Oct 6, 2012 10:00am PDT
this the u.s. immigration policy sends those highly skilled immigrants many of them educated in the best american colleges and universities back home to their countries of origin so they can create jobs there competing against the u.s. by the way in the global economy. it's called the reverse brain drain. joining me is a director of research at duke university and a fellow at stamford law school and the author of "the immigrant exodus, why america is losing the global race to capture entrepreneurial talent." from 1995 to 2005 immigrants founded more than a quarter of all tech and engineering startups in united states and more than 52% of those in silicon valley. you just updated the numbers and immigrant entrepreneurship has declined. talk to me about this. why it is happening and how do we fix it >> very simple. there are million skilled immigrants waiting for permanent resident via sass. many want to start companies and employ americans. we won't give them via sass. they are getting frustrated and fed up and trotting home. the jobs that would be boosting american competitiveness are bo
Oct 6, 2012 7:00am EDT
to get where they're going. but take you away early childhood education... slash k-12 funding... and cut college aid for middle class families ... they won't go far. yet that's exactly what mitt romney wants to do... ...to pay for a $250,000 tax break for multi-millnaires. if mitt romney wins, the middle class loses. priorities usa action is responsible for the content of this advertising.
Oct 6, 2012 5:00am PDT
the middle class, looking to support education, not wanting to see the health care cuts that are in the romney/ryan plan, those policies supporting women are much more popular than mitt romney's policies, and i think that the obama team is going to kind of double down on that over the next few weeks. >> let's talk about a piece on cnn.com. you gave president obama some tips on how to win the first debate. >> right. >> writing in part, this is a great little read. you wrote my final piece of advice is most simple. stay nice. no, you're likable enough comments. no jokes about dogs on top of the car, >> reporter: marking about how rich romney is, no patronizing lecturing when he has his facts wrong. just stay nice. but looking back, i mean, you say he didn't do so badly but by all accounts the president remained calm, maybe too calm for some of his supporters, didn't engage in the attacks, didn't use the bain capital, didn't use the 47% attacks, and -- and the overwhelming consensus, of course, was that romney won. what's your advice for him for the next debate? do you stil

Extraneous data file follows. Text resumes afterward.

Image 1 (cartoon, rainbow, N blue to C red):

Oct 6, 2012 11:00am PDT
to that, student loans. of course, people getting student loans are getting education for their money. they're not spending it on cars or clothes. other debt has been going down. this is taking a long time, and it's going to continue to take a long time, but in these very slow and almost imperceptible ways, the economy is healing. >> is there any reason to believe that when those new job numbers come out just four days before election day, that they wouldn't be consistent with this kind of pacing? something that we saw on friday? >> well, as ali pointed out, those job numbers are volatile and they zigzag. that pattern has been in place, and we did see some very odd patterns. i'm sure there was no fixing of the numbers, but the numbers were odd. but these numbers often get sort of smoothed out over time. they recount, they become more accurate over time. we could see another zig in the other direction when that report comes out. some economists say they would not be surprised at all if the unemployment rate went back up to 8% or above 8%. that might straighten out some of the anomalies